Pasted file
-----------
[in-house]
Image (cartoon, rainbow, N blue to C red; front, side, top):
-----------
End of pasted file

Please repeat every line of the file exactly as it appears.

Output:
[in-house]
Image (cartoon, rainbow, N blue to C red; front, side, top):